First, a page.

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Biggest Mistakes in a Physician Divorce

Doctors have to deal with stressful situations on a daily basis but nothing can prepare them for a divorce. Physicians have demanding jobs, and on top of maintaining a practice, they may have to deal with the various issues involved in a divorce. 

While doctors do their best to prevent mistakes when treating patients, they often don’t take the same care in their divorce. They make serious mistakes that affect their medical practice as well as any children for many years. 

A physician divorce comes with unique challenges. These divorces are different in many ways. Doctors need to know how to make the right decisions. Here are some of the biggest mistakes that doctors make.

Hiring the Wrong Lawyer

Sometimes doctors hire the wrong lawyers to take on their divorce cases. They often look to corporate counsel, which is inappropriate. They may also hire lawyers who have no experience working with doctors. Physicians need experienced lawyers who can identify the marital and separate property as well as properly value all their assets. This is extremely important, as doctors often have many complex assets, such as professional practices, business entities, real estate, limited partnerships, employment benefits, retirement funds, IRAs, 401ks, stock options, and profit-sharing plans.

Ignoring Deadlines and Requests

Lawyers need help from their clients from time to time. They may need certain documents or information in order to file paperwork on time. There are laws and deadlines involved. If doctors disregard them, it makes the process more difficult. Doctors need to respond to requests in a timely manner. 

Not Getting a Confidentiality Agreement

Physicians often fail to obtain a confidentiality agreement to protect all confidential and proprietary information related to medical practice. Having such an agreement can limit the disclosure of information, such as patient lists, except to lawyers and consultants or experts retained by the counsel. By having a confidentiality agreement, the doctor can limit the confidential and proprietary information by a valuation expert retained by their spouse.

Assuming That Marital Property Will Be Split Evenly

Physicians often assume that property will be split 50/50. However, that is not always the case. Because doctors often earn much more than their spouses, there are many factors at play, such as:

  • Differences in the spouses’ earning power
  • Health and ages of both spouses
  • Education and employability of both spouses
  • Earning power and business opportunities
  • Marital debts
  • Need for future financial support
  • Needs of the children
  • Tax consequences of the marital assets
  • Expected inheritance
  • Fraud on the marital estate
  • Attorney fees

Not Properly Valuing a Medical Practice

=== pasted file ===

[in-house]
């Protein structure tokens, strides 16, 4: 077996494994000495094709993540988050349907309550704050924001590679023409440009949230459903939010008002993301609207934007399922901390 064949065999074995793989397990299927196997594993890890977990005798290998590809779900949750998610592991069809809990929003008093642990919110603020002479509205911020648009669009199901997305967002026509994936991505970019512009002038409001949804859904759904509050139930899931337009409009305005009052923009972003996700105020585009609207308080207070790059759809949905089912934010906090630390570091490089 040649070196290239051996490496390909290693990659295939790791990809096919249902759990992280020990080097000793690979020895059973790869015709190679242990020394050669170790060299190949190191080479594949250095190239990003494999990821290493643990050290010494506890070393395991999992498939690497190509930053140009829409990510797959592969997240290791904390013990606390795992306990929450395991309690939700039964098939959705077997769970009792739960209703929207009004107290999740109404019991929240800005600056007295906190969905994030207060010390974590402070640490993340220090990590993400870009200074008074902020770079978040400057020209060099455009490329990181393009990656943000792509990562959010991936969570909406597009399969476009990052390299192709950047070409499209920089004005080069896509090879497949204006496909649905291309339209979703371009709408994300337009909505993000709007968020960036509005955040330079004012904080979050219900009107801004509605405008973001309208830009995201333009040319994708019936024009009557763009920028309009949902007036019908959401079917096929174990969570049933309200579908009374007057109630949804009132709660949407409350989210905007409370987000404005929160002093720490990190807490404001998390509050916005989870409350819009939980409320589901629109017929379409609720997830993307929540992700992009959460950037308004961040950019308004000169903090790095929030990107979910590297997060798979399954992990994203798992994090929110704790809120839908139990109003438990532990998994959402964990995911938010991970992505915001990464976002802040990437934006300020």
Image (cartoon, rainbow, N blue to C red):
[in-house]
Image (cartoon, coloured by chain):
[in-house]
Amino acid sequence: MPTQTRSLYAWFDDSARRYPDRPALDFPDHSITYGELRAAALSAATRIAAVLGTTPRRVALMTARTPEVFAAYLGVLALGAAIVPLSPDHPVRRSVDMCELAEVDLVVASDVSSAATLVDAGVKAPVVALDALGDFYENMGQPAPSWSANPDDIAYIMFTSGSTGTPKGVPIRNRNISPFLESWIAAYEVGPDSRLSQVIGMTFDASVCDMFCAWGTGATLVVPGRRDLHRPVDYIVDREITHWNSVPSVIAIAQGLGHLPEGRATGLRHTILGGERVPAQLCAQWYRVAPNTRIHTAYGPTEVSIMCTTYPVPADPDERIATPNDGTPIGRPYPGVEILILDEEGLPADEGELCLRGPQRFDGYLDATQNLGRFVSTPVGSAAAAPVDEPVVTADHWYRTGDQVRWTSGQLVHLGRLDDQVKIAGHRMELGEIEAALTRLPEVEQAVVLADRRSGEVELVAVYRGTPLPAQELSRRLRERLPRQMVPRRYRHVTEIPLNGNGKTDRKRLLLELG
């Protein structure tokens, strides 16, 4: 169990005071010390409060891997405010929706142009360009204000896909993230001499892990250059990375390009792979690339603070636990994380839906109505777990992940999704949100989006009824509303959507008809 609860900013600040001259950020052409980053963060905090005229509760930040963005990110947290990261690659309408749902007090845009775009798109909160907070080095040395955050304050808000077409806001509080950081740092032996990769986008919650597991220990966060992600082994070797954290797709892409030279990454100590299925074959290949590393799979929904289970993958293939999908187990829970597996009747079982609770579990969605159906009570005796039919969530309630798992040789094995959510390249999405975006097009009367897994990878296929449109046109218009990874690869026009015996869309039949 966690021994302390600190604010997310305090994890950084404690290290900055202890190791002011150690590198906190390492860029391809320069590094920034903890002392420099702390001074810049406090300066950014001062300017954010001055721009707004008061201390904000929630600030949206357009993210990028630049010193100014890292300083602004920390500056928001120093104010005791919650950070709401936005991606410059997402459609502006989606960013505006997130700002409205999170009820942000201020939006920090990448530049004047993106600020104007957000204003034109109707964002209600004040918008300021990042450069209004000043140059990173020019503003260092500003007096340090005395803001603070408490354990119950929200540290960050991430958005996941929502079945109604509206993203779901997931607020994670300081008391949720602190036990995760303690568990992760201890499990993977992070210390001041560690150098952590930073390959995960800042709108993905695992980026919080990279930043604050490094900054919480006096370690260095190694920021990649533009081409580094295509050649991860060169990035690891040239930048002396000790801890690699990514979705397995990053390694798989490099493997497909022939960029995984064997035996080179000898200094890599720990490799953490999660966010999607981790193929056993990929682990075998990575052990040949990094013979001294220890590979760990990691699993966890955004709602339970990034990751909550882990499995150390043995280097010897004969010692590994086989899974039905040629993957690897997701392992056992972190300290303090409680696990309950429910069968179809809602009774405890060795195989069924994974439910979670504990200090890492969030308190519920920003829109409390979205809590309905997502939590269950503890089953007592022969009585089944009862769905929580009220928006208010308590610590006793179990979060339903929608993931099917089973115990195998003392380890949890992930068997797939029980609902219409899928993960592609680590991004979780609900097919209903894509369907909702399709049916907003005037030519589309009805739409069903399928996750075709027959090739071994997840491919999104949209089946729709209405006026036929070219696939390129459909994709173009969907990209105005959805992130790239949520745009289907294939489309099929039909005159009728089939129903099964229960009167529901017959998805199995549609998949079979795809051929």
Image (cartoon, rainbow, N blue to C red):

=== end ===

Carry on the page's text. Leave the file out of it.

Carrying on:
Doctors tend to understate or overstate their medical practice. Valuation is a hotly contested issue, which is why doctors should work closely with their lawyers and valuation experts to obtain the proper value. There is personal goodwill and commercial goodwill to consider. Personal goodwill is based on an individual’s reputation, experience, and ability, and it attaches to the physician. Personal goodwill is not divisible in a divorce. Commercial goodwill relates to an entity’s reputation and its ability to attract and retain patients. Commercial goodwill is divisible in a divorce.

Avoiding Full Disclosure

Physicians often disclose limited personal or business information, which can negatively affect their divorce. When they fail to disclose all of their bad conduct up front, this can have devastating consequences. Such damaging information can include the existence of an affair, problems with the practice, or alcohol or drug problems. When a lawyer is aware of such damaging information, they can deal with it early on in an appropriate manner. When the information comes out in court, it’s too late.

Not Being an Active Caregivers of Their Children

Physicians often work long hours and are very busy. They tend to leave the childcare duties to the other spouse, which means they will likely be the custodial parent. When physicians have custody, it becomes a balancing act because they are not used to dealing with childcare duties and coordinating these duties with babysitters or nannies. Doctors need to keep this in mind and learn how to make plans accordingly so they can balance their kids with their careers. 

Contact Us Today

Anyone can get a divorce, and doctors are no exception. However, these divorces are often complicated due to the amount of assets involved.

No matter your profession, if you have a lot of assets that you want to protect in a divorce, seek legal help from the Ohio high asset divorce attorneys at Lawrence Law Office. We understand the unique issues involved. Fill out the online form or call (614) 363-0752 to schedule a consultation with our office.

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